12 Sep 2011
The 5.8-magnitude earthquake last month in Virginia caused about twice as much ground shaking as a nearby nuclear power plant was designed to withstand, according to a preliminary federal analysis.
Parts of the North Anna Power Station in Mineral, Va., 11 miles from the quake’s epicenter, endured jolts equal to 26 percent of the force of gravity from vibrations unleashed by the quake, said Scott Burnell, Nuclear Regulatory Commission spokesman.
An NRC document says the reactors’ containment structure was built to withstand 12 percent of the force of gravity. Dominion, the plant’s operator, says parts of the plant can handle up to 18 percent (18g).
“It’s the things inside the buildings that may have been shaken more than the design called for,” Burnell said, adding the buildings themselves appear to have been less affected. He said the analysis is based on a seismograph reading taken about 30 miles away by the U.S. Geological Survey.
Whatever the final numbers on shaking or ground motion, the plant withstood the jolts, Burnell said. “That margin was certainly enough for North Anna this time.”
“Maybe you shouldn’t rely on the margin,” countered Edwin Lyman of the Union of Concerned Scientists. “The jury is still out,” he said, on whether the plant was adequately designed. 12 Sept. 2011.
10 Sep 2011
It didn’t take long for the National Association of Utility Regulatory Commissioners to issue a loud Bronx cheer for the Obama administration’s proposal to unblock what it see as barriers to transmission development. The proposal drew criticism both for the process that led to it as well as its substance.
The proposal, which has been shopped around inside the Beltway and the utility industry for weeks, would have the Department of Energy cede to the Federal Energy Regulatory Commission DOE’s authority under section 1221 of the 2005 Energy Policy Act to designate certain transmission corridors and, in some cases, issue construction permits. http://bit.ly/q44mmf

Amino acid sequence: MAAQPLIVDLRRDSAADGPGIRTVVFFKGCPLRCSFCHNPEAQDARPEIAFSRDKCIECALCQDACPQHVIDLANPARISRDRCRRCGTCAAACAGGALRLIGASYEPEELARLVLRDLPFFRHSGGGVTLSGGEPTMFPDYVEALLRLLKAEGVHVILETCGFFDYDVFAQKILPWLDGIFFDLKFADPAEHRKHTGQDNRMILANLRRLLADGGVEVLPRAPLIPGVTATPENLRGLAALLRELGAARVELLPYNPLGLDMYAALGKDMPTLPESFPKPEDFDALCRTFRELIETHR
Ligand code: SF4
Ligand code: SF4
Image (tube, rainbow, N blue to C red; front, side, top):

In a tart letter to Energy Secretary Steve Chu, NARUC executive director Chuck Gray said, “Given that our members remain the primary transmission siting authorities, we are disappointed that we were not privy to the details or even informal conversations about this proposal prior to the above-referenced meeting, especially since the proposal has been under discussion since June and was vetted with industry stakeholders long before it was even revealed to us.
“To the extent that this proposal is motivated by a desire to reduce barriers to transmission, it fails. It relies on a tortured reading of the statute that would cause uncertainty, litigation, damage to State and federal relations, and delays in transmission development. Our members understand the importance of timely development of needed transmission as much as FERC and DOE. The proposed delegation and implementation of this proposal runs counter to congressional intent. It will create new forms of legal and regulatory uncertainty and will divert resources from existing processes, including . . . FERC’s recently issued Order 1000, and State transmission siting processes. [W]e urge you not to move forward with this proposal.
12 Sep 2011
A judge has dismissed a significant lawsuit by federal regulators who want to force DTE Energy to install more pollution controls at Michigan’s largest coal-fired power plant.
After more than a year of litigation, U.S. District Judge Bernard Friedman didn’t need a trial to convince him to rule in favor of the utility. He said the Environmental Protection Agency went to court too soon and needs to collect more data to determine whether improvements at Monroe Unit 2 have caused an increase in emissions.
DTE last year replaced key boiler parts at the plant about 40 miles south of Detroit. The EPA claims the project qualified as a “major modification,” which should have forced the utility to install state-of-the-art pollution controls.
DTE acknowledged the “project may eventually prove to be a `major modification,’“ Friedman wrote in a 12-page decision dated Aug. 23. “That determination, however, cannot be made until the completion of the first year for which such measurements are required.” 12 Sept. 2011.
09 Sep 2011
A massive power outage knocked out electricity for nearly 1.4 million customers in San Diego as well as parts of Southern Orange County, Palm Springs, and parts of Mexico Thursday.
San Diego Gas & Electric advised its customers via Twitter at 5:37 p.m.: “If you have a personal family emergency plan, please activate it now.”
The California Independent System Operator, which manages the state’s power grid, issued a transmission emergency notice for the San Diego area.
“It sounds like it’s really widespread,’’ Orange County Fire Authority Capt. Marc Stone said. “It could be as widespread as from Mexico to Phoenix. “
The outage was triggered after a 500 kV line from Arizona to California tripped out of service, according to the California Independent System Operator.
SDG&E said crews repaired the problem and were in the process of restarting the system but that it would take several hours to actually generate power to customers.